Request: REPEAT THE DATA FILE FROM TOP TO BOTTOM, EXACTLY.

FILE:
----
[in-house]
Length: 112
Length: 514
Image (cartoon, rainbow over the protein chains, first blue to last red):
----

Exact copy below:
[in-house]
Length: 112
Length: 514
Image (cartoon, rainbow over the protein chains, first blue to last red):